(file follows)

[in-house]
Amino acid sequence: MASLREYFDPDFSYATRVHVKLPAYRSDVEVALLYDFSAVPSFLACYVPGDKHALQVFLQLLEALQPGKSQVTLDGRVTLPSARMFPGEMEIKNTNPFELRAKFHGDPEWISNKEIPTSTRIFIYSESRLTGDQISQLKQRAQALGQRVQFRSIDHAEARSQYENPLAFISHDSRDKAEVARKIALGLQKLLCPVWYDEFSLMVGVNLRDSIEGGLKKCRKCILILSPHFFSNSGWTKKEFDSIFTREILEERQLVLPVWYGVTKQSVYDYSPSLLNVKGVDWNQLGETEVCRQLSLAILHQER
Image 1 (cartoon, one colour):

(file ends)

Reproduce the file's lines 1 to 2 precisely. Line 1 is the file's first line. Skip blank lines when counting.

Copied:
[in-house]
Amino acid sequence: MASLREYFDPDFSYATRVHVKLPAYRSDVEVALLYDFSAVPSFLACYVPGDKHALQVFLQLLEALQPGKSQVTLDGRVTLPSARMFPGEMEIKNTNPFELRAKFHGDPEWISNKEIPTSTRIFIYSESRLTGDQISQLKQRAQALGQRVQFRSIDHAEARSQYENPLAFISHDSRDKAEVARKIALGLQKLLCPVWYDEFSLMVGVNLRDSIEGGLKKCRKCILILSPHFFSNSGWTKKEFDSIFTREILEERQLVLPVWYGVTKQSVYDYSPSLLNVKGVDWNQLGETEVCRQLSLAILHQER